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Thursday, July 10, 2014

A Contest To Do Kilroy


Cooper and Coogan Co-Star in Kilroy Was Here (1947)

A Monogram delight, and very much made for the moment that was end to a World War where "Kilroy" was a mythical figure that seemed to have turned up everywhere. By time the boys got home, he'd gone from foxholes to the Hit Parade, thanks to novelty tuning by Ted Fio Rito and endless reference by club/on-air jesters. This iron was hot and not protected by copyright, having sprung out of nowhere that could be registered, so it was only a matter of who could get to screens first. Arthur W. Kelley announced a Kilroy feature for United Artists release, while Bob Savini of Astor Pictures was for doing a series of six using the character. Even George Pal got in the act with announcement that he would produce Kilroy as an independent.


Things got testy with six contenders at a start post, each claiming prior right. Savini and Kelley had quarrelsome exchange of letters to delight of a trade, Savini having got a script to the Screenwriter's Guild, but forgetting to file with the Motion Picture Association, a neglect that Kelley seized upon. These were the sorts of internecine squawks that paved way to many a finished, or unfinished, film. Even so minor an asset as Kilroy was fought over like meat by starving wolves. Well, they each smelled dollars, and there's all it took to begin a fight. Agent and now start-up producer Sid Luft took the ribbon by signing former child stars Jackie Cooper and Jackie Coogan as rib-tickler team, his Phil Karlson-directed venture to go before Monogram cameras, but wait ... what about that Japanese Kilroy done as a four-reeler with comic pair Dekao Yahoo and Gontaro ... could that crab Luft's act?


The Nippon Kilroy was a curiosity, but not distributed here, so way was clear for "legitimate" Mono treatment, filming begun as of 3/19/47. Jackie Cooper recalled in his memoir that it took ten days to finish Kilroy Was Here at a cost of "somewhere around $100,000." Trade reviewing of the result was generous, Film Daily calling Kilroy "a prize exploitation offering." The pic would be first of four for July Monogram release, the "World Premiere" in Odessa, Texas attended by Jackie Cooper and producer Sid Luft. "It was a dumb picture, but it made some money," Cooper later wrote. Sid Luft saw potential for more Cooper-Coogans and so pledged the parlay to another, Trouble For Two. This was released as French Leave, but an indifferent public put paid to further C&C mirthmaking, Luft's plan for two teamings per year abandoned as result. Kilroy Was Here is available in a fine quality DVD from Warner Archive.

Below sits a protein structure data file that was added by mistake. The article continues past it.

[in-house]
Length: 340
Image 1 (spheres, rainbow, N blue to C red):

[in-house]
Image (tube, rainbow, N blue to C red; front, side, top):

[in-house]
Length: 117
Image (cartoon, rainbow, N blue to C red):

3 Comments:

Blogger Scott MacGillivray said...

I remember seeing Jackie Cooper interviewed by Tom Snyder, who asked Cooper what the lowest point in his career was. Cooper grudgingly mentioned the Kilroy Monograms.

I've never seen the features, but the trailers (featuring "The Two Jackies") look promising. I like Monograms anyway, so I appreciate your opinion.

2:41 PM  
Blogger John McElwee said...

Donald Benson indicates a Disney spot for Kilroy during the 1960's:


In 1965 World of Color did a series of episodes about Oscar Kilroy, a boyish ex-marine who settles in a small town and has comic adventures. He's well-intentioned, mild-mannered, and does good deeds with a bit of light bungling en route. If I recall correctly they never got into whether he saw combat or even mentioned Vietnam; although he affably referees little boys playing war.

Early on, he has trouble when cops don't believe he's really named Kilroy; at the end of the first episode the familiar "Kilroy Was Here" graffiti is attached to a Civil War cannon he saved from a scrap dealer. I remember that the Kilroy thing was a familiar touch to cartoon backgrounds; it wasn't until much later I learned of his WWII origins. Disney must have aimed that reference at parents of boomers.

7:07 PM  
Blogger Kilroy Was Here said...

HA! I love seeing Kilroy making his way around the world AGAIN! He was known throughout the world during and after WWII AND we are still getting Sightings from around the world.
He is still The GI's best friend and, besides Korea, has been spotted in the Gulf War, Iraq, and Afghanistan. So you don't have to be old just be a GI! There is no doubt as to his origin. See volume 1 in

http://KilroyWasHere.org for all the legends and Sightings from Australia to Bucharest. Scroll down page one for a video interview with James Kilroy's children. Volume 3 has real true stories from GIs who served with him. Some funny, some poignant, some heroic, and some just memories that must not be forgotten.
Editor@KilroyWasHere.org

9:28 PM  

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